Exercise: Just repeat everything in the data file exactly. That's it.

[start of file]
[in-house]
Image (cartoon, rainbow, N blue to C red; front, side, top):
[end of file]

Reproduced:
[in-house]
Image (cartoon, rainbow, N blue to C red; front, side, top):